The two remaining meetings on proposed changes to Forsyth County’s election precincts are set as follows:
* Aug. 20 — 6:30 to 7:30 p.m. at the Midway Park Community Building
* Aug. 29 — 6:30 to 7:30 p.m. at the Forsyth County Administration Building
Forsyth County voters have two more opportunities to learn about a proposed overhaul to local election precincts.
To date, the Registrations and Elections Office has held three public meetings, beginning in June.
Officials have also spoken to the county’s Republican Party about the changes aimed at reducing the number of precincts from 25 to 16.
While some meetings have been “well attended by poll workers,” Board of Elections Chairman Donald Glover said Monday that he still hopes residents will come to the remaining meetings.
“We’d like to have public input,” Glover said during a board meeting Monday, “but they’re just not coming to meetings.”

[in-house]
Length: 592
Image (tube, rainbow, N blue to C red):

Noting that residents will have had five chances to hear about the plan, Glover said “nobody can say they were not given the opportunity for input.”
The proposal, which calls for combining as many as three precincts into one location, has been billed as a cost-saving measure. It also will eliminate using schools as precincts, which should help alleviate traffic congestion around campus carpool lanes.
Officials have said merging precincts could save about $15,000 per election. And with four elections slated for 2014, that could have a sizeable impact in the election department’s budget of about $1 million.
While the meetings have drawn mainly poll workers, elections supervisor Mandi Smith said there has been some positive feedback. Their input likely will lead to another change in the plans, revisiting the Heardsville and Matt precincts to use “Hwy. 369 as the dividing line.”
The proposed precinct setup could inconvenience some voters, particularly in north Forsyth, who might have to travel as far as six miles to reach the polls.
However, with the possible adjustment to Heardsville and Matt, the new locations would keep voters on major corridors such as Hwy. 369 and not narrower local roads.
Following the final two meetings, the board will vote to approve the maps, which will go into effect in January.